After the drama of the anchor dragging we settled into an amazing week on the island of Raivavae, a place I’d never even heard of which suddenly became home to us. Mostly we were working on the engine or trying to do other boat jobs to prepare to set sail so we didn’t see the stuff tourists go for – beautiful beaches off out by the reef, mountain walks with incredible views, diving, snorkelling, canoeing. Apparently that’s what tourists do anyway, when tourists visit. Chez Linda, the attractive pension run by the lovely Linda and John, where John and Deb were staying, organized all that kind of thing, along with lending bikes and cooking delicious meals. In the time we were there, though, I think only two other couples arrived. Interestingly there was a lot of local opposition to the airport being built thirteen years ago and you still get the feeling that, despite being welcoming and friendly, this is an island that is quite happy to not be inundated with visitors.
After three flights (Vancouver to LA, LA to Tahiti, Tahiti to Raivavae) it was pretty amazing to arrive at the tiny airport and see Doug, complete with an amusing amount of hair, waiting for me. Henriette, whom Doug had met a couple of days earlier, sorted us out with a ride to the other side of the island where Illusion was moored, and I was glad I’d made time for a practise French session with my friend Cristina the day before leaving Vancouver. Our hour of chatting had slightly prepared me for the first significant French-speaking experience since finishing my A-levels, seventeen years ago. (Aaaaack! I can’t believe that was 17 years ago!). Then we were alone, at the quay, and there was the dinghy waiting to take us out to the boat. I guess I hadn’t really thought about how we’d get there – that was a pretty cool moment. So we headed off onto the water, for my first meeting with Illusion and my first experience of living on board a sailboat. Continue reading “Ḿeeting Illusion”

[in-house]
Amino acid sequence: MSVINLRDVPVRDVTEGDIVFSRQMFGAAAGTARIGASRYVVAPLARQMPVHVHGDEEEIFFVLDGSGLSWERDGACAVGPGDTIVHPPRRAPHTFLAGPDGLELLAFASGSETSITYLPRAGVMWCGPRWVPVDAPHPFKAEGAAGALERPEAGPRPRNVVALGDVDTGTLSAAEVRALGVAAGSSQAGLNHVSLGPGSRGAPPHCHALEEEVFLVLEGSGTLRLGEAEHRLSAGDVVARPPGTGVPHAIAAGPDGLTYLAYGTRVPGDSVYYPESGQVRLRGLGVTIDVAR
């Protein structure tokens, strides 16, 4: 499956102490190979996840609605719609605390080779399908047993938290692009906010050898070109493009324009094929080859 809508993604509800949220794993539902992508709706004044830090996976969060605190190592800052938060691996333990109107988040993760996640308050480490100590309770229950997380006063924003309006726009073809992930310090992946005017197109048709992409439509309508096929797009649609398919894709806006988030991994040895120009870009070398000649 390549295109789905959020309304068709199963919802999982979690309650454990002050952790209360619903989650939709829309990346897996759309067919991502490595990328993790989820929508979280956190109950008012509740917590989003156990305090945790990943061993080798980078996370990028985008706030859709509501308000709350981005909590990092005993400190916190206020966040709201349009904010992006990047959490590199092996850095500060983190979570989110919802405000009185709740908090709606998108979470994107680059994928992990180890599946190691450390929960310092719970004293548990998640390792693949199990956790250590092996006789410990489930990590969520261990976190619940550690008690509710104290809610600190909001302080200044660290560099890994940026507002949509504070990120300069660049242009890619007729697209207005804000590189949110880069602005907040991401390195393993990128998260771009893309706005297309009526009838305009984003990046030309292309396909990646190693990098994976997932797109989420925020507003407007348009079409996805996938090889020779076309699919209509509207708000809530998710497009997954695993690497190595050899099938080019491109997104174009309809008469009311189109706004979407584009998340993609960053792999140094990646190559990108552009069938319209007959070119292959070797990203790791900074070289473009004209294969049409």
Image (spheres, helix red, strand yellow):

Just before Doug and the Illusion crew left the boatyard, we discovered Google Talk. Skype had been letting us down, and we’d been relying on WhatsApp messages. While that’s great for speedy interactions and sharing photos*, nothing beats a (free!) voice call, or even better a video call. It didn’t always work, but if he went to just the right spot in the yard, and managed to time it so the lawnmower or some other engine wasn’t running, and nobody was stopping to talk to him, we could just about manage a proper conversation. Yay! Continue reading “Remembering to talk about the birds”
So Doug left Vancouver and is now on the boat and I’m spending my days waiting for the familiar ping of a WhatsApp message arriving and being pleased that the time difference is a respectable 21 hours. It was a crazy last few days: whizzing back from Texas, getting everything organized, and then him rushing off again. And now the house is all quiet and everything feels like it’s on hold, waiting for news from Illusion. (So far it’s mainly been about mold, gulls and, er, more mold. Oh, and how there’s no electricity. And that the batteries don’t work. And did I mention the bird poo? And the mold?!) Knowing that it’ll likely be a few days before he has enough internet access to write a full update on here, I get to do a little catch-up post about our recent USA trip. Continue reading “¡Su casa es mi casa!”